Whenever attackers make a shift in tactics, techniques, and protocol (TTP), we like to make note of it to help both customers and the rest of the Internet community. We recently analyzed a sample that started out appearing to be Dridex, but quickly turned into a headache leading to Dyre that featured some notable differences to past Dyre samples. One PhishMe user was targeted to their personal account, and here’s a copy of the phishing email:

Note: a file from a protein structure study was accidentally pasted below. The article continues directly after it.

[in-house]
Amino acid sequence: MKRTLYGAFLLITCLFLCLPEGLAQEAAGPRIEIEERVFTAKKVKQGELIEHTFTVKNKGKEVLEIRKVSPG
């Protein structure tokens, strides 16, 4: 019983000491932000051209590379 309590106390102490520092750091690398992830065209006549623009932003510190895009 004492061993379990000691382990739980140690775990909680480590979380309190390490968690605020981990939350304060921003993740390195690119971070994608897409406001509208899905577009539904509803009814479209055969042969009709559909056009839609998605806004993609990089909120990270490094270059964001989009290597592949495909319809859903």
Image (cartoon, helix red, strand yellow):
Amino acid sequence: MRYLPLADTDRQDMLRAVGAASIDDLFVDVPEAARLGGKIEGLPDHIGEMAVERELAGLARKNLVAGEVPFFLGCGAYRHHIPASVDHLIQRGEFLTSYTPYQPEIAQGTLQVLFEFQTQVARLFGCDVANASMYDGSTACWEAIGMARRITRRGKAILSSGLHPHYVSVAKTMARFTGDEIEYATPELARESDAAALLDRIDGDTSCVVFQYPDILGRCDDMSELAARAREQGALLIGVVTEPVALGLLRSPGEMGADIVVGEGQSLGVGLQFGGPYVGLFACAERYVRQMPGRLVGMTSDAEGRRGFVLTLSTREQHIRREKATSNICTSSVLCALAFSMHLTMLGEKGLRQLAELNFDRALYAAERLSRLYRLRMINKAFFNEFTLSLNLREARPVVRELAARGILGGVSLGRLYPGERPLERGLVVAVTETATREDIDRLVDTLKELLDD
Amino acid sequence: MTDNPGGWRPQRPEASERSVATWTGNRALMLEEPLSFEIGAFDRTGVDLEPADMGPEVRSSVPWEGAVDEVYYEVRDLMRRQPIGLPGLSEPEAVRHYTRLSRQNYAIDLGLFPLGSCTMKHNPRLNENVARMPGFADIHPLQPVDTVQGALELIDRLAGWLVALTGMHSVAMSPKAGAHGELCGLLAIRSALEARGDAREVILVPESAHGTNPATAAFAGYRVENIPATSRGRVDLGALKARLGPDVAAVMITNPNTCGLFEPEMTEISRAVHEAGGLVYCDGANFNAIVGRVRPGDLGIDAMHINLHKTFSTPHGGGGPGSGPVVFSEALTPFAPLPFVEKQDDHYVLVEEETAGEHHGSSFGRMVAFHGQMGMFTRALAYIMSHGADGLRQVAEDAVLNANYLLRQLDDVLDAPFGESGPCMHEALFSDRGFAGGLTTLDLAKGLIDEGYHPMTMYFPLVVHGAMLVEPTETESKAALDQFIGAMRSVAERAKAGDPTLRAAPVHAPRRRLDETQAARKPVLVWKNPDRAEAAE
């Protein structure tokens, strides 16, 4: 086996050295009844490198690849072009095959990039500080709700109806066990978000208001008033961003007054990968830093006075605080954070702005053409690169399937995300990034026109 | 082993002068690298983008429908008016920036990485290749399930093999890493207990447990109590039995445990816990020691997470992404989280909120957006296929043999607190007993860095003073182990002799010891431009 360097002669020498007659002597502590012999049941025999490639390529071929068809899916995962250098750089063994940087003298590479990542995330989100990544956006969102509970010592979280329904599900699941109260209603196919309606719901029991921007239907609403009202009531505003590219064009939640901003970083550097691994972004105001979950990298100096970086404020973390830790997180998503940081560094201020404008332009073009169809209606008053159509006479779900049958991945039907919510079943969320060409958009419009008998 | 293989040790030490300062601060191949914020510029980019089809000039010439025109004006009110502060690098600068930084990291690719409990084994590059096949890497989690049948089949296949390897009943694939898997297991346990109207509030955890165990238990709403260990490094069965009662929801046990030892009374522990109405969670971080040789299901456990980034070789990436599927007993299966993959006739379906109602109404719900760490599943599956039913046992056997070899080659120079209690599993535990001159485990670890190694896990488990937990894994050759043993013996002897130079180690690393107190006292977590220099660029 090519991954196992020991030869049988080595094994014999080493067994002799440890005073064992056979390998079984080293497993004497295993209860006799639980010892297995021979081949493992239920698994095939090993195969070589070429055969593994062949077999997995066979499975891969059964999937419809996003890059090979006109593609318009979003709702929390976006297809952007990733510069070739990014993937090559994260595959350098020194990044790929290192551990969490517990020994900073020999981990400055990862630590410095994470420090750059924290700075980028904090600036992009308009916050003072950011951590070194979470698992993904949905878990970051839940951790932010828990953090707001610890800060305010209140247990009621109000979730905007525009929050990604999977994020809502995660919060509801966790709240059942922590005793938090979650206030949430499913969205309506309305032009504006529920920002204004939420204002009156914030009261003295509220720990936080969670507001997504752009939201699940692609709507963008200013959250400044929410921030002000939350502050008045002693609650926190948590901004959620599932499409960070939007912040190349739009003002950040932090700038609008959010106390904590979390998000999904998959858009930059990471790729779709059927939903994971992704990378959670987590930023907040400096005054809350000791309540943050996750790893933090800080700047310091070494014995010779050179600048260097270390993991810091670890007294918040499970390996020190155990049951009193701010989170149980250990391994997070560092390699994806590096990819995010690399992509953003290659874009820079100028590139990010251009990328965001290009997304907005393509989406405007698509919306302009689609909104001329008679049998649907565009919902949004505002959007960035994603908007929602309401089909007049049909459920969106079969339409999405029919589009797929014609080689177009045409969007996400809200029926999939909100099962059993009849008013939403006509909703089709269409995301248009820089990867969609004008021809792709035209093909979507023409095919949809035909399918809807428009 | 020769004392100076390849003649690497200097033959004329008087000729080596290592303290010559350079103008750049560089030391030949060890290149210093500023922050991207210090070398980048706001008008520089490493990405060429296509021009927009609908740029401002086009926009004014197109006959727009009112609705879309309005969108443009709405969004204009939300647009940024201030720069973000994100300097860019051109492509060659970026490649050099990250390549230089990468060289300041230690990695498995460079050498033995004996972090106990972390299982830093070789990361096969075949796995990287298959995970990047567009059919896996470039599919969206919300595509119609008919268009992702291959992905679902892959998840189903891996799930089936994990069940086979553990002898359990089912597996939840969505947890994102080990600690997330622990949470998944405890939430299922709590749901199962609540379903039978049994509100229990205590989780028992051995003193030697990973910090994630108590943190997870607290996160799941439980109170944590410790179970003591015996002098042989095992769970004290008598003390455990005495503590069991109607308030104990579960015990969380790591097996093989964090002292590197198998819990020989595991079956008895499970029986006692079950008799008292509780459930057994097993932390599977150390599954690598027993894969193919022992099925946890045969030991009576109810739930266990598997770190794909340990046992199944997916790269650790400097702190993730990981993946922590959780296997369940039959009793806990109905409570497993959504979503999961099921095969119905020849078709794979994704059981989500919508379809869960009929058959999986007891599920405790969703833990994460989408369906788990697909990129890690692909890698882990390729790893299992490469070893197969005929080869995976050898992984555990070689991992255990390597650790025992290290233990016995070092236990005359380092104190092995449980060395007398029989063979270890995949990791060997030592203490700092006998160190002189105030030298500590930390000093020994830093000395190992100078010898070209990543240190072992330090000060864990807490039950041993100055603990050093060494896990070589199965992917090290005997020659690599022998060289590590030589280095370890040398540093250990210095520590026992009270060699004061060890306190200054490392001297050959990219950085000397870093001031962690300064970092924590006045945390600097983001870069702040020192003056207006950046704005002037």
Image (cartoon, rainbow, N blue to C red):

Once opened, we’re presented with the very familiar story of “please enable this macro so you can get infected”. This time, they do give a few more instructions to the user, saying that the data is “encoded” and macros need to be enabled to read the text.